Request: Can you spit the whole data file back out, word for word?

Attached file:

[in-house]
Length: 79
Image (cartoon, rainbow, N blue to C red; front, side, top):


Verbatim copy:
[in-house]
Length: 79
Image (cartoon, rainbow, N blue to C red; front, side, top):